ACMA to launch comprehensive gambling self-exclusion scheme for Australia

The Australian Communications and Media Authority (ACMA) has published its roadmap 2022/2023 technical directives to better regulate businesses operating within Australia’s media, digital and telecom sectors.  

Though the ACMA holds no legislative authority over gambling licences, the federal agency has been granted rights by Australia’s six states to set gambling standards with regards to advertising, compliance duties and customer protections.

The ACMA further serves as Australian gambling’s market monitor, in which it carries the authority to block the IPs of illegal/unlicensed remote gambling operators deemed to be targeting Australian consumers.

Within its remit, the ACMA can launch investigations of non-compliant gambling operators – who will be penalised by individual state governments or gambling licensing boards.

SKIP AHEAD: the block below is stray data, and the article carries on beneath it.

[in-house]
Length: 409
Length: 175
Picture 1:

Publishing its list of regulatory directives, the ACMA outlined that it would be focused on strengthening Australia’s consumer rights on digital and telecom platforms.

Headline measures saw the agency announce that it would implement tougher laws on Australian telecom operators to prevent SMS scams and identity theft.

The ACMA followed its telecoms directive by stating that it would enforce tougher penalties against businesses that did not comply with SMS and Email unsubscribe and opt-out rules, as means to eliminate SPAM.

Marked as its final directive, the ACMA outlined its plans to launch a new National Self-Exclusion Register for players at risk of gambling harm.

The authority stated that a test-site will be ready in the ‘coming months’ that will allow players across licensed states to exclude for a minimum period of 3-months.

“If you self-exclude, wagering providers will be required to close all your betting accounts and must not – let you place a bet, open a new account or send you marketing messages.” – read a message on the ACMA’s website.

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